Frank Ahern • Mary Alba • John Brosnan • Catherine Cavagnaro • Gerrard Cassidy • Patrick Connolly • Charlie Cunningham • Patricia Cunningham • Pat D’Arcy • Kay Davis • Doris Duncan • Martin Falvey • John Farrell • Danielle Garland • Renee Gibbons • Teresa Hallinan • Michael Harrington• Joe Hayes, video • Father Michael Healy • Joan Stack Holland • Sister Edith Hurley • Rita McEvoy • Sean McNulty • Michael Mooney • Mike Moriarty • Teresa Morris • John Moylan, video • Patrick John Murphy • Philomena Murphy • Peggy Mylett • Nicki O’Brien, video • Phyllis McGinn O’Connor • Peter O’Driscoll • Hetty O’Hara • Rita O’Mahoney • Mary O’Shea • Tom O’Shea • Robert Porter • Ann Quinn • Josie Smyth Rivera • Kay Ryan • Celia Sacks, video • Sheila Stuart • Vincent Walsh • Imelda White •
Brian Whitty was born to Irish parents on a sugar plantation in Jamaica. He attended UCD in Dublin, and worked in Ireland and England before returning to his place of birth to work for British sugar giant Tate & Lyle. Although not in this clip, his work later brought him to San Francisco, where he became a fine addition to the Irish community, particularly as president and life member of the Irish Literary and Historical Society.
Hetty O’Hara knew her 19 year-old uncle was shot by the Black and Tans, and her teenage mother was in Kilmainham Jail for two years in 1921, but very little was spoken about in their house when Hetty was growing up in Dublin. Hetty tells us what she knows…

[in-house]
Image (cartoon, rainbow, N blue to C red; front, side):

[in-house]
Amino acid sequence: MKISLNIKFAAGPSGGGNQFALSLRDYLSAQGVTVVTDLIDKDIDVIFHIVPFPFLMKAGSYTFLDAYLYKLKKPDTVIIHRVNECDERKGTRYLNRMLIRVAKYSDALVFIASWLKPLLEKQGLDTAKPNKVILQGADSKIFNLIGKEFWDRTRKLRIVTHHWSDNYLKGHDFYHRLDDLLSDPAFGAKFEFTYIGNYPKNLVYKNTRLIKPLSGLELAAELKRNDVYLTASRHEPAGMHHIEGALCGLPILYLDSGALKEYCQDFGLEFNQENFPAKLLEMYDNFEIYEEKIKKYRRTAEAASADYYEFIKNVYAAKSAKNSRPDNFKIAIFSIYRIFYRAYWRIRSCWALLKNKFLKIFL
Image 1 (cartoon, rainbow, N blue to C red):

Having worked in Cobh, Tom found it too sad to leave from there by boat, so took a flight to the U.S. instead. After willingly doing a stint in the army, Tom returned to San Francisco where he worked for Wells Fargo Bank in its pre-computer days…
Mary Alba says her spirit of adventure was what brought her to the U.S. She describes her journey by sea from Cobh, Co. Cork and her impressions of New York when she arrived there – not to mention the excitement of seeing Jack Kennedy at midnight mass at St. Patrick’s Cathedral. She settled easily in America with the help of an Irish Consul, or two…
Limerickman Frank Ahern came to the U.S. in the 1960s to work with Westinghouse as an engineer. Upon acceptance into Stanford Business School, Frank and his wife Elizabeth moved to the Bay Area where Frank discovered his inner actor, thanks to his new Irish friends.
Imelda left Ireland with a basic grasp of the Irish language, but never dreamed she would hear it again in the U.S., let alone teach it. Now, almost forty years after her first class at Stanford, Imelda remains the Bay Area’s most beloved Irish teacher.